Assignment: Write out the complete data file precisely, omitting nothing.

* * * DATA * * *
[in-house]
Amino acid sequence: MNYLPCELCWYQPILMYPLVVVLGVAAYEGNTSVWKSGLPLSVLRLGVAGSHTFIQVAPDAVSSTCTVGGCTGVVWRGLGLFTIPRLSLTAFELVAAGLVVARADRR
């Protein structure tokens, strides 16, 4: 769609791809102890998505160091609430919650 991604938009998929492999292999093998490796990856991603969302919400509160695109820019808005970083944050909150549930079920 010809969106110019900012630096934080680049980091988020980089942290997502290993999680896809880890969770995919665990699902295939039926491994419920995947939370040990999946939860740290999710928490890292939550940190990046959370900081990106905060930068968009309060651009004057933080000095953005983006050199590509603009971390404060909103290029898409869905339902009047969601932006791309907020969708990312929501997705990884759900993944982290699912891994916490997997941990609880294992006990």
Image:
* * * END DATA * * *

[in-house]
Amino acid sequence: MNYLPCELCWYQPILMYPLVVVLGVAAYEGNTSVWKSGLPLSVLRLGVAGSHTFIQVAPDAVSSTCTVGGCTGVVWRGLGLFTIPRLSLTAFELVAAGLVVARADRR
């Protein structure tokens, strides 16, 4: 769609791809102890998505160091609430919650 991604938009998929492999292999093998490796990856991603969302919400509160695109820019808005970083944050909150549930079920 010809969106110019900012630096934080680049980091988020980089942290997502290993999680896809880890969770995919665990699902295939039926491994419920995947939370040990999946939860740290999710928490890292939550940190990046959370900081990106905060930068968009309060651009004057933080000095953005983006050199590509603009971390404060909103290029898409869905339902009047969601932006791309907020969708990312929501997705990884759900993944982290699912891994916490997997941990609880294992006990």
Image: